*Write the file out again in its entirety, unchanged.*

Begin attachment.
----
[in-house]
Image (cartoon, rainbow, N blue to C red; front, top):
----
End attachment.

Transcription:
[in-house]
Image (cartoon, rainbow, N blue to C red; front, top):